Property insurance buyers can expect higher rates, continued scrutiny of valuations and a push to consider different program structures during upcoming renewals, panelists on a recent Lockton webcast (opens a new window) said.
Although many reinsurers have reported lower claims activity than originally expected in the aftermath of September’s Hurricane Ian, the market remains under significant pressure due to several factors, including some that predate the storm. This has had an effect on primary property insurance markets and will likely pose continued challenges for buyers in the months ahead.
“Ian just added fuel to the fire: For the first time in 10+ years, we have reinsurance demand that’s outstripping reinsurance supply,” said Adam Troyer, a senior reinsurance actuary with Lockton Re. This imbalance between supply and demand is due to several factors, including recent macroeconomic uncertainty and accumulating catastrophe losses in recent years.
During Jan. 1, 2023, reinsurance treaty renewals, four changes were typically required in order for deals to be completed, said Jeff Fleming, a senior broker at Lockton Re. These included retention and attachment increases; significant risk-adjusted rate increases; a shift to named perils coverage rather than all perils, with a specific focus on natural perils; and a focus on inflation and valuations.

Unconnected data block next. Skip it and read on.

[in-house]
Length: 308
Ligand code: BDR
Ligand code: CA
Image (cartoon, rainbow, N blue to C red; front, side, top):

These trends in the reinsurance marketplace have naturally carried over to primary markets. “At year-end, we definitely saw an uptick from what we were seeing in early to mid-2022,” said Melissa Klaus, a managing director in Lockton’s Midwest region. “The magnitude of rate increases is really going to be dependent on the specifics of [a] particular account.”
With account specifics dictating individual results at renewal, submission quality and the ability of an insured to differentiate their risk is crucial, especially when it comes to property valuations. “Taking the time to sit with underwriters and tell your story — you can’t quantify it, but I do think it helps move your submission to the top of the pile,” Klaus said.
Although Hurricane Ian and other events will not likely result in major changes in insurers’ approach to analytics, they are likely to play a more significant role in informing buyers’ choices about potential insurance program structures. “Using analytics to think about taking on risk differently is going to be a very big part of how analytics gets deployed in the coming months,” said Scott Johnson, Lockton’s Property and Casualty Analytics Manager.